The main narrows begin soon after and last for about half a mile; the canyon here is generally 6 to 10 feet wide and although not particularly deep there are some passages sufficiently dark and enclosed for the classic slot canyon reflected light effects, as the rock is the familiar red Navajo sandstone, which produces the best colors and patterns. The floor is composed of a mixture of sand and small pebbles, with occasional chokestones preceding drops of 3-4 feet and the likelihood of pools beyond, but nothing too difficult. The canyon opens out to a nice section filled with bushes and cottonwood trees, their bright green leaves contrasting with the deep red rocks and blue sky. Another short narrow section ends at a big boulder with a 3 metre drop into a much larger pool. Jumping down here is perhaps not advisable so instead one option is to climb out and follow at rim level.
The only route out is about 150 feet back, up the cliffs on the north side at a point where the gradient is just enough away from vertical to climb/walk up, away from the moist, grassy canyon and into a world of bare rock - pure, undulating sandstone with domes and plateaus that extend in all directions. The canyon ahead has no easy re-entry points but seems not to become narrow again, and the junction with Trachyte is not too much further anyway. A small summit affords excellent views over both canyons and to distant ridges and eroded rocks to the west, including some pointed formations that resemble the needles of Canyonlands National Park. A round trip to this point takes 3-4 hours.
The upper south fork can be entered where it crosses under the road at mile 9.5, by walking down the embankment, though not directly into the streamway as it has one impassable dryfall just upstream, instead along the canyon edge on the north side for a while then down where the floor levels out - or alternatively, there is a way down on the other side a little way along the south rim. Heading west, the canyon soon enters a short, sharp V-shaped slot that opens out briefly into a smooth, rounded chamber with a few bushes then closes in again as the walls rise very high and sheer. Only occasionally do they relent from here to the far upper end of the canyon and there is only one other possible entry/exit point for most of the way, up a steep, pothole-filled side ravine on the north side.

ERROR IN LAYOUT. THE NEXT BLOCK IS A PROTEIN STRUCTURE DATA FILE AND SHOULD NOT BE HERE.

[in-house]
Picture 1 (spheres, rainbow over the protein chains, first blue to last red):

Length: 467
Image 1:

Maidenwater has generally straight, level passages interrupted by blocking dryfalls and chokestones, up to 10 feet high. There are maybe ten such obstructions over the course of half a mile, and progressing upstream is quite difficult and tiring, requiring lots of chimneying, scrambling and climbing. One boulder has a webbing ring which provides a handhold, and may not be free-climbable without. Wet weather brings the added inconvenience of lengthy pools, up to 3 feet deep though at other times the canyon is completely dry. Unassisted progress is halted about half way along the canyon, near the end of the best, deepest section and where the walls start to become less high, by a dryfall of about 20 feet created by 3 boulders on top of each other. There is a webbing attachment above here too, this being the last of 4 places where rappels are needed if descending from the top of the canyon, which is reached by a 1.5 mile hike from UT 276. Travelling from the dryfall in the reverse direction, back to the highway, is easier though still quite tiring.
The upper canyon is deep, narrow and quite testing, good to practice up/downclimbing techniques, just not especially pretty - passages are straight, with no real overhangs or curvy formations, though they do have some nice patterns and angled strata in the rocks.